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Computed tomography findings in patients with primarily unknown causes of severe or recurrent epistaxis

  • Noel van Horn ,

    Contributed equally to this work with: Noel van Horn, Tobias Djamsched Faizy

    Roles Conceptualization, Data curation, Formal analysis, Investigation, Methodology, Project administration, Writing – original draft, Writing – review & editing

    Affiliation Department of Diagnostic and Interventional Radiology, Marienkrankenhaus, Hamburg, Germany

  • Tobias Djamsched Faizy ,

    Contributed equally to this work with: Noel van Horn, Tobias Djamsched Faizy

    Roles Conceptualization, Data curation, Formal analysis, Investigation, Methodology, Project administration, Supervision, Validation, Writing – original draft, Writing – review & editing

    T.Faizy@uke.de

    Affiliations Department of Diagnostic and Interventional Radiology, Marienkrankenhaus, Hamburg, Germany, Department of Diagnostic and Interventional Neuroradiology, University Medical Center Hamburg-Eppendorf, Hamburg, Germany

  • Michael Hinrich Schoenfeld,

    Roles Conceptualization, Project administration, Validation, Visualization, Writing – review & editing

    Affiliation Department of Diagnostic and Interventional Neuroradiology, University Medical Center Hamburg-Eppendorf, Hamburg, Germany

  • Patrick Kohlmann,

    Roles Investigation, Methodology, Supervision, Validation, Writing – review & editing

    Affiliation Department of Otolaryngology, Marienkrankenhaus, Hamburg, Germany

  • Gabriel Broocks,

    Roles Investigation, Methodology, Project administration, Writing – review & editing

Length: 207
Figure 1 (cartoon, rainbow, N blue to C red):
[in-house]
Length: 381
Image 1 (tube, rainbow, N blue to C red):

Affiliation Department of Diagnostic and Interventional Neuroradiology, University Medical Center Hamburg-Eppendorf, Hamburg, Germany

  • Pascal Haag,

    Roles Conceptualization, Methodology, Resources, Software, Validation, Visualization

    Affiliation Department of Diagnostic and Interventional Radiology, Marienkrankenhaus, Hamburg, Germany

  • Jens Fiehler,

    Roles Supervision, Validation, Writing – review & editing

    Affiliation Department of Diagnostic and Interventional Neuroradiology, University Medical Center Hamburg-Eppendorf, Hamburg, Germany

  • Christian Richard Habermann,

    Roles Resources, Supervision, Validation, Writing – review & editing

    Affiliation Department of Diagnostic and Interventional Radiology, Marienkrankenhaus, Hamburg, Germany

  • Murat Karul

    Roles Conceptualization, Formal analysis, Investigation, Methodology, Project administration, Supervision, Writing – original draft, Writing – review & editing

    Affiliation Department of Diagnostic and Interventional Radiology, Marienkrankenhaus, Hamburg, Germany

Computed tomography findings in patients with primarily unknown causes of severe or recurrent epistaxis

  • Noel van Horn, 
  • Tobias Djamsched Faizy, 
  • Michael Hinrich Schoenfeld, 
  • Patrick Kohlmann, 
  • Gabriel Broocks, 
  • Pascal Haag, 
  • Jens Fiehler, 
  • Christian Richard Habermann, 
  • Murat Karul
PLOS
x

Abstract

Objective

In addition to rhinoscopy, computed tomography of paranasal sinuses (CT) may be performed on patients with primary unknown cause of severe epistaxis (SE) or recurrent epistaxis (RE) to further assess the potential cause of bleeding. The aim of this study was to evaluate CT findings during the work-up of intractable epistaxis patients.

Methods

6937 patients were treated in our emergency department with acute epistaxis between 2009–2018. 304/6937 patients underwent CT and rhinoscopy due to intractable SE or RE. 33 patients presented with head trauma prior to epistaxis and were excluded from the final analysis. In 271 cases the primary causes of SE (n = 252) or RE (n = 19) remained unknown. Two observers retrospectively evaluated CT scans for potential sources of epistaxis. Disagreement was settled by consensus. CT and rhinoscopy findings were compared.

Results